Keyword: ruling

Top Swiss court allows French tax authorities access to UBS accounts

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In a landmark decision for the Swiss banking sector, Switzerland’s highest court on Friday ruled in favour of a request from the French tax authorities to gain access to the personal records of around 40,000 accounts held with Swiss bank UBS by French residents, and which are estimated to total assets of up to 11 billion euros.

'Carlos the Jackal' loses appeal against third life sentence in France

Venezuelan-born Ilich Ramirez Sanchez, 68, nicknamed Carlos the Jackal, who became one of the most notorious far-left terrorists during the 1970s and 1980s and who was already serving two life sentennces for terrorism in France, on Thursday lost his appeal before a Paris court againt a previous conviction for leading a hand grenade attack which killed two people and wounded 34 others in a shopping mall in the French capital in 1974.

Paris court rules against Apple in case against 'tax evasion' protestors acting in 'general interest'

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At the end of a legal case brought by tech giant Apple against alter-globalisation organisation ATTAC, in which the tech giant sought a three-year ban on activists demonstrating in and outside its stores in France to highlight the firm’s tax-avoidance schemes, a Paris court has ruled in favour of ATTAC, describing its campaign as being in the “general interest”. Martine Orange reports.

Magistrate grounds France’s ‘Great West’ airport project

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Wall of defence: thousands of opponents' sticks line the boundary of the new airport site. (JL) Wall of defence: thousands of opponents' sticks line the boundary of the new airport site. (JL)

Government plans to build a controversial 580-million-euro “Great West” airport in countryside near the town of Nantes in north-west France received a major blow earlier this week when a magistrate ruled that the environmental damage could not be justified by economic opportunity. The shock decision against a project that has been more than fifty years in the making, and which is ardently championed by Prime Minister Manuel Valls while hotly contested by ecologists, is now under review by a panel of judges who will give a final decision early next week. Jade Lindgaard reports from Nantes.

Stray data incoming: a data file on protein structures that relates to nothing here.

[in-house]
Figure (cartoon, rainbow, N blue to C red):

Update Monday November 14th: The magistrate's ruling was overturned by the panel of judges in Nantes on Monday. Airport opponents announced they are now to lodge an appeal before France's highest administrative court, the Council of State.

SocGen faces 2.2 bln tax break refund over its responsibility in 'rogue trader' losses

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A 'rogue' trader no more: Jérôme Kerviel. © Reuters A 'rogue' trader no more: Jérôme Kerviel. © Reuters

In a ruling by the Versailles court of appeal on Friday, French bank Société Générale was found to have been in large part responsible for the 4.9 billion euros in losses attributed to the reckless trades of its so-called “rogue trader” Jérôme Kerviel in 2008. The court ruling concerned Kerviel’s appeal against the damages he was required to pay the bank, which until now was fixed as the entire sum of the losses, and which it reduced to 1 million euros. Mediapart economics and finance correspondent Martine Orange analyses here the many consequences of the ruling, not least of which is the demand that the bank now pay back a 2.2-billion-euro tax break it was granted as a result of the sums lost.